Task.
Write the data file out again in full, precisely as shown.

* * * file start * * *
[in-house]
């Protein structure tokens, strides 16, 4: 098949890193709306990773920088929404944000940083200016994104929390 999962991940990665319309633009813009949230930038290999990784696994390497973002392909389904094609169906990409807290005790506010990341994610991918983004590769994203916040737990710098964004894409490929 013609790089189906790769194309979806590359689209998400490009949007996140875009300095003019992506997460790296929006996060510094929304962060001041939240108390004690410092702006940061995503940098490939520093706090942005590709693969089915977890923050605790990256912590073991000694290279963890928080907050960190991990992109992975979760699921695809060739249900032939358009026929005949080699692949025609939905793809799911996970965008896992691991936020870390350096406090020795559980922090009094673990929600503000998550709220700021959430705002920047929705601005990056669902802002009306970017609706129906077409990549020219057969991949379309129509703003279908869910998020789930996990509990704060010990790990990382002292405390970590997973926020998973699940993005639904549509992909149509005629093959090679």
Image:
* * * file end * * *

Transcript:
[in-house]
């Protein structure tokens, strides 16, 4: 098949890193709306990773920088929404944000940083200016994104929390 999962991940990665319309633009813009949230930038290999990784696994390497973002392909389904094609169906990409807290005790506010990341994610991918983004590769994203916040737990710098964004894409490929 013609790089189906790769194309979806590359689209998400490009949007996140875009300095003019992506997460790296929006996060510094929304962060001041939240108390004690410092702006940061995503940098490939520093706090942005590709693969089915977890923050605790990256912590073991000694290279963890928080907050960190991990992109992975979760699921695809060739249900032939358009026929005949080699692949025609939905793809799911996970965008896992691991936020870390350096406090020795559980922090009094673990929600503000998550709220700021959430705002920047929705601005990056669902802002009306970017609706129906077409990549020219057969991949379309129509703003279908869910998020789930996990509990704060010990790990990382002292405390970590997973926020998973699940993005639904549509992909149509005629093959090679």
Image: